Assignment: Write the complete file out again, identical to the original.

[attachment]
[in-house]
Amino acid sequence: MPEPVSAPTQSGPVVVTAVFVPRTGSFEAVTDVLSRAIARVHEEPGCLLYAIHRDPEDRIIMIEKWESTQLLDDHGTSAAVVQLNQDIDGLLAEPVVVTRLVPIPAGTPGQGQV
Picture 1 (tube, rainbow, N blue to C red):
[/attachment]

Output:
[in-house]
Amino acid sequence: MPEPVSAPTQSGPVVVTAVFVPRTGSFEAVTDVLSRAIARVHEEPGCLLYAIHRDPEDRIIMIEKWESTQLLDDHGTSAAVVQLNQDIDGLLAEPVVVTRLVPIPAGTPGQGQV
Picture 1 (tube, rainbow, N blue to C red):